John E. Wells has written two letters recently claiming the Committee for Safer, Cleaner Ships is leading a “hysterical disinformation program” in support of the cruise ship referenda on the Nov. 3 ballot.

Mr. Wells doesn’t dispute the well-known public health risk posed by large cruise ships, which is the fundamental reason for our campaign. Instead, he says the fact that cruise ships negatively impact marine life is fake news. “Cruise ships in Key West do not harm corals and there is no study that says they do,” Mr. Wells insists. “There is no data or report of cruise ship transits of the main ship channel harming any sea life.”

Mr. Wells embarrasses himself with these absurd claims. Everyone can see the silt plumes caused by large cruise ships with their own eyes. Most people don’t need a study to tell them what is plainly obvious: that the daily fouling of a marine environment is detrimental to the life within it. But in fact, there is a mountain of independent scientific evidence, paid for by the City of Key West and the U.S. Navy, showing cruise ships have a lethal impact on coral and sea life in Key West.

Dr. Thomas J. Murray’s 2005 report, “The Impact of the Cruise Ship Industry on the Quality of Life in Key West,” draws on dozens of scientific studies and explains why negative impacts from large cruise ships are more severe in Key West than in other global cruise ports: “The situation in Key West appears to be unique in that a relatively shallow and narrow main channel and harbor … exist in close proximity to coral reef ecosystem habitats and communities that depend on clear, clean water.”

Murray notes that the main ship channel runs directly through an important spawning ground for the queen conch, an area so ecologically unique it has been federally designated as a Habitat Area of Particular Concern. He describes a large area of formerly pristine underwater environment that has been “severely impacted” by cruise ships and resembles a “blasted moonscape.”

But worse than this localized devastation is the widespread problem of “chronic turbidity” caused by the world’s largest cruise ships traveling in and out of Key West. “Turbidity is … the second most important determinant of ecosystem health in the Florida Keys,” according to Murray. While high winds and other natural events also cause turbidity, Murray finds cruise ships cause levels 30 times higher than what is found in the natural environment.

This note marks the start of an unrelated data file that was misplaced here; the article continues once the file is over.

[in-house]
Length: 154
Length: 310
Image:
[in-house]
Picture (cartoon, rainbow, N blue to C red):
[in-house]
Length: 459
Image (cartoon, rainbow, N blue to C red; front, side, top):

Turbidity interrupts vital processes of coral and other aquatic species, hampering growth and occasionally causing death. “Turbidity levels observed with docking cruise ships greatly exceed state water quality standards and local fishermen … report the direct effect of turbidity plumes on the fish they are targeting.” Marine life that may be killed by ship-generated turbidity include commercially important species like lobster, stone crab, shrimp, snapper, and grouper. 

Murray’s report is over 300 pages long, with 100 pages documenting the negative impacts of cruise ships on the marine environment. It is too much to summarize here, but readers may access the entire report at

Like others who are opposed to reasonable limits on cruise ships, Mr. Wells has a financial stake in the outcome of the November referenda. He is chairman of the Board of Caribe Nautical Services, which supplies large cruise ships with whatever they need when they call on Key West. The bigger the cruise ship, the bigger the paycheck for Mr. Wells. His business partners include the Bar Pilots Association and the Walsh family, who operate Pier B and who have sued to block the people of Key West from voting on cruise ships in November.

This small group of powerful men and their surrogates are now telling the people of Key West not to believe their own eyes, and to forget about the science too. We think our voters are smart enough to distinguish facts from self-interested falsehoods and decide what is best for our community.

Arlo Haskell
Committee for Safer, Cleaner Ships

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